Wednesday, October 19, 2005

A lesson from the Third World about the value of gun control: "I've never owned a gun, nor do I plan on owning a gun in the future. I've never really felt the need to own one. I don't hunt. I'm not in law enforcement. I don't live on a farm where I might need one for varmints. I'm not involved in anything else where a gun might be needed. I've never felt the need to own one for self-defense. I've shot guns at targets or for practice once or twice, but that's about it. Part of the reason is that for most of 18 years, I lived in Papua New Guinea, a Third World country that has very strict gun control laws. One expatriate was kicked out for having a pellet gun. Yeah, a pellet gun. They didn't want any guns at all. Period. You would think in this country that had very strict controls on who could own guns that there would be little violence, right? Wrong. Their murder rate is twice that of the United States. And guess who had the guns? Sometimes not even the police because the criminals would steal them!"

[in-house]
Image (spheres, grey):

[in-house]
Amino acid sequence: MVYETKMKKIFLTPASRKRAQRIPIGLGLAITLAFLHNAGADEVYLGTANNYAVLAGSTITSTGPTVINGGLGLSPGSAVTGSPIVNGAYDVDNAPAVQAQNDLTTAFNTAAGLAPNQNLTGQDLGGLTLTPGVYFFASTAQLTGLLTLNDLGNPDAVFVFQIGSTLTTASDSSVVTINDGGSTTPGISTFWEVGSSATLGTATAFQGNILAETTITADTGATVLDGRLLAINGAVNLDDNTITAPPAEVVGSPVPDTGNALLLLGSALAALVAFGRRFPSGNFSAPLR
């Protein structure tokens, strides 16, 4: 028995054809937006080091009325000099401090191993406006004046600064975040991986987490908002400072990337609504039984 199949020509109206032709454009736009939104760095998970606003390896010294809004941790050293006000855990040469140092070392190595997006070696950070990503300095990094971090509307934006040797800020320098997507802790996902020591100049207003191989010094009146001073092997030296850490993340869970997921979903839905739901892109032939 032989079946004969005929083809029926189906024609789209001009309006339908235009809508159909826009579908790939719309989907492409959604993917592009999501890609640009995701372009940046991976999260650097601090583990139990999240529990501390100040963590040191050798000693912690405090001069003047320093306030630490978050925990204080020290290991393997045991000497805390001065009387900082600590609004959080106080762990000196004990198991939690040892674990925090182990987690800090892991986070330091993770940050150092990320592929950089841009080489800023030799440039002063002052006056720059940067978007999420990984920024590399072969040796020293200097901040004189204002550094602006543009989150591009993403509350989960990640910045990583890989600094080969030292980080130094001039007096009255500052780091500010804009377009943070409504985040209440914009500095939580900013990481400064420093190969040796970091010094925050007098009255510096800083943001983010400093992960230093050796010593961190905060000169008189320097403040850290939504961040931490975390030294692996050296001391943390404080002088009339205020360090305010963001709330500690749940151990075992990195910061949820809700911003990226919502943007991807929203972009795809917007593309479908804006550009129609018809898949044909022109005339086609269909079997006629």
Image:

Alaska shows the way: "Starting Wednesday, handgun owners won't need permits to carry concealed weapons in the seven Alaska cities where they're still required. There also will be no more restrictions on keeping a firearm in a vehicle. A new state anti-gun control law that goes into effect will essentially bar municipalities from passing gun laws that are more restrictive than state law. The National Rifle Association, which helped Republican state Rep. Mike Chenault write the legislation, says except for the concealed weapon permit requirements, most Alaska city and state gun laws are the same. What the NRA wants to do is prevent cities from passing more restrictive laws in the future. It calls it state pre-emption, and Alaska will be the 44th state to have such a law on its books. "We are looking to make it uniform to all 50 states," said NRA spokeswoman Kelly Hobbs. "Without it, it creates an unfair, inconsistent and confusing patchwork of local firearm ordinances."

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